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The Arizona sentinel. [volume] (Arizona City [Yuma], Yuma County, A.T. [Ariz.]) 1872-1911, March 23, 1872, Image 5

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Persistent link: https://chroniclingamerica.loc.gov/lccn/sn84021912/1872-03-23/ed-1/seq-5/

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Volume 1.
pTumber 2.
Published every Saturday, by
C . I . M I Iff O 51 .
Eubseripticto, per year $5 00
" six months... '6 00
Single Copies 25
Advertising One inch space, 1
time, $2 50; one month, $4. Con
tracts, per year and quarter at re
duced r ites.
' )Fees for legal advertise
ments, in all cases, must be paid
in advance.
jjSTCurrency received at par.
CiTAll orders by mail or ex
press must be addressed to
Editor and Proprietor.
Constitutionality of the Legal Ten
der Act.
A vei" important decision, af
firming the constitutionality of
the above named act, was render
ed by the Supreme Court of the
United States r. short time ago.fivc
of the Judges Strong, Swayiie,
Davis, Miller and Bradley favor
ing this decision,and four Chase,
CliffoJWField and Nelson dis-
-oyAiTLQ nlo"f3ffiT5lLGo u rt was
dellWiiediWticFong, and,
it noLB,V affirms the constitu
tionality of the legal-tender act,
but overrules a previous decision,
which declared that the legal
tender act did net properly apply
to contracts made before their
enactment so that, as the law is
now interpreted, greenbacks can
legally be used for the payment of
all debts, public and private, save
those expressly excepted from
their operation by acts of Congress
or by special contracts of undoubt
ed validity. The remarkable dis
tinction between greenbacks and
gold is steadily and rapidly being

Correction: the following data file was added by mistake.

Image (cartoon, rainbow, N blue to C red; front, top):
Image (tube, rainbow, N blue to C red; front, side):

obliterated, so that the immediate
practical effect of the decision is
of comparatively small conse
quence. But it will, it is said, ex
ercise a beneficial and tranquiliz
ing effect upon the nation by dis
sipating fears of a hasty and forced
return to specie payments, and by
placing the popular faith in green
backs upon an impregnable basis.
Canine Sagacity. A Panama
journal tells the story of extraor-
linary canine sagacity: "When
the dog wishes to cross a river
where alligators abound, he gets
up the stream a great way and
barks with all his might; the alli
gators go there and wait for his
getting in to swim across. The dog
knows what he is alout; when he
seps from the numberof the snouts
al ove water that his enemies have
all gathered to the feast, he runs i
down the bank as fast as he can
anJ.swim across before thealli-1
nvri uo tru-K unit
Perils of an Aeronaut.
On Thursday, Jan. 13, the well
known aeronaut, Prof. Donaldson,
made another balloon ascension
from Norfolk, Va., which came
near terminating fatally, "When
at the hight of one mile from the
earth, and while performing upon
the trapeze, Donaldson concluded
that he would descend, and for
this purpose pulled the valve cord
to allow the gas to escape from
the balloon. The valve did not
open, and he pulled again. It still
remained closed, and there being
no time to lose he pulled with
both hands. Again a failure, and
for the third time he gave a strong,
steady jerk. There was a sharp,
hissing sound, as if made by the
tearing of cloth, followed by arush
ing noise, and he knew that the
balloon had bursted. It did not
collapse, however, being prevent
ed from doing so by the rush oi
air from beneath , but closed up at
the sides. At this time the aeronaut
was seated on the cross pieces
above the trapeze bar. The bal
loon leaned over to one side and
descended with frightful velocity.
During this awful period the ae
ronaut's feelings may be imagined
but cannot be described. He says
for the first time in his life he was
frightened. Inashorttime, which
seemed to him an eternity, the
balloon struck the branches of a
tree, and went crashing through
the limbs. The ropes and trapeze
bars catching in the limbs, some
what diminished the rapidity of
the descent, but still the velocity
was terrific. Crashing through
the branches, the balloon fell to
the ground, the aeronaut landing
on his back in a heap of briers.
His pants were torn, and his legs
lacerated by the briers, but beyond
this he escaped without injury.
His escape from a frightful death
is simply miraculous. Basing from
his thorny couch, Donaldson, stiil
cool and with nerves little shaken
by his terrible mishap, took a sur
vey of the situation. He had fallen
on the edge of a swamp near a
field five miles from Norfolk. On
examining the balloon ho found a
large rent extending from the top
to the bottom. Boiling it up, he